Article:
Kasten altered Eighth Circuit Court of Appeals' precedent and found that the statutory term “filed any complaint” included oral complaints as well as written complaints, meaning that oral complaints to employers can serve as the basis of an FLSA retaliation claim. 563 U.S. at 4. But, not any oral complaint will suffice. The standard set out in Kasten stated that an oral complaint “must be sufficiently clear and detailed for a reasonable employer to understand it, in light of both content and context, as an assertion of rights protected by the statute and call for their protection” to find the employee engaged in the statutorily protected activity of filing a complaint. Id. at 14. In Kasten, the employee claimed he was not compensated for time taking off protective gear, which constituted a violation of the FLSA, and he complained of the supposed illegality to four different individuals who were his superiors in the company. Id. at 5-6. Specifically, he told his superiors that he “was thinking about starting a lawsuit” and that if the company was sued because of its actions, “they would lose” in court. Id. The Supreme Court found that his highly specific oral allegations that the defendant violated his rights under the FLSA could constitute the filing of an action under the FLSA, remanding the case back to the district court. Id. See Kasten v. Saint-Gobain Performance Plastics Corp., 703 F.3d 966, 968 (7th Cir. 2012).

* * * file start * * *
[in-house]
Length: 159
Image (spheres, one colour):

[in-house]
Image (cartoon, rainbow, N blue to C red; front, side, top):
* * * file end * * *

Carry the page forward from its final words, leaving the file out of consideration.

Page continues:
Following Kasten, courts have held that not every instance of an employee “letting off steam” constitutes the filing of a complaint under the FLSA and that “some degree of formality” is required to put the employer on fair notice that a grievance has been lodged against it. Minor v. Bostwick Laboratories, Inc., 669 F.3d 428, 439 (4th Cir. 2012). To do so, the employee's oral complaint does not have to reference the FLSA but should “be framed in terms of potential illegality, ” either by alleging a violation under the FLSA or by asserting facts that establish a violation. Cotto v. John C. Bonewicz, P.C., Case No. 13 C 842 TMD, 2015 WL 3609167 at *8 (N.D. Ill. June 9, 2015). Simply complaining about wages or hours does not necessarily entitle the employee to protection under the FLSA. Id. at 9 (citing Kasten, 563 U.S. at 13-15). The complaint must suggest to a reasonable employer that the employee was asserting a legal right to overtime pay. Id.

         In this case, plaintiff presented evidence that she referenced her legal right to overtime wages to her employer. She stated:

“I did inform [defendant] that I was not being paid overtime hours.” Pl. Affidavit ¶ 12.
“I asked to be paid my overtime hours on several occasions commencing in August/September of 2015 and continuing.” Pl. Affidavit ¶ 23.
“I complained about not being paid appropriate overtime wages on several occasions with [defendant.]” Pl. Affidavit ¶ 25.

         Plaintiff indicated that she was not being paid appropriate overtime hours and repeated this argument on several occasions to the defendant's management. Because this Court must review the facts and resolve all conflicts of evidence in favor of the party opposing a motion for summary judgment, this ...